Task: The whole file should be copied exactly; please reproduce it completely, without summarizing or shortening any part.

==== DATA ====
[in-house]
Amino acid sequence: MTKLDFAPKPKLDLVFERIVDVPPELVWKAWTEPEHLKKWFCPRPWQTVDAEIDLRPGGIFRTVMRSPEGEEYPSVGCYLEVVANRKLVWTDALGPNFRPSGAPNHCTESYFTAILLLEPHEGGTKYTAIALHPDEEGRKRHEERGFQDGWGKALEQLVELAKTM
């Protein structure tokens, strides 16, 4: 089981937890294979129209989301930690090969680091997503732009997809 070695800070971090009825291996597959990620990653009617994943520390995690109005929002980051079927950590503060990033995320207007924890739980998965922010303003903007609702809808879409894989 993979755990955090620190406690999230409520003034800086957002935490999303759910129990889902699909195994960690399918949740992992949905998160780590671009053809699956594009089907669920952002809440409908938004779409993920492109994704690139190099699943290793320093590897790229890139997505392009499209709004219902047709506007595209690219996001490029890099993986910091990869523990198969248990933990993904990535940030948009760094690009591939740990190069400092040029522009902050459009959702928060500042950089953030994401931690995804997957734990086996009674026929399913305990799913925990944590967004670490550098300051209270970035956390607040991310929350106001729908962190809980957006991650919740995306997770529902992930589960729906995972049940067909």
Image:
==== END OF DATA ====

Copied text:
[in-house]
Amino acid sequence: MTKLDFAPKPKLDLVFERIVDVPPELVWKAWTEPEHLKKWFCPRPWQTVDAEIDLRPGGIFRTVMRSPEGEEYPSVGCYLEVVANRKLVWTDALGPNFRPSGAPNHCTESYFTAILLLEPHEGGTKYTAIALHPDEEGRKRHEERGFQDGWGKALEQLVELAKTM
């Protein structure tokens, strides 16, 4: 089981937890294979129209989301930690090969680091997503732009997809 070695800070971090009825291996597959990620990653009617994943520390995690109005929002980051079927950590503060990033995320207007924890739980998965922010303003903007609702809808879409894989 993979755990955090620190406690999230409520003034800086957002935490999303759910129990889902699909195994960690399918949740992992949905998160780590671009053809699956594009089907669920952002809440409908938004779409993920492109994704690139190099699943290793320093590897790229890139997505392009499209709004219902047709506007595209690219996001490029890099993986910091990869523990198969248990933990993904990535940030948009760094690009591939740990190069400092040029522009902050459009959702928060500042950089953030994401931690995804997957734990086996009674026929399913305990799913925990944590967004670490550098300051209270970035956390607040991310929350106001729908962190809980957006991650919740995306997770529902992930589960729906995972049940067909």
Image: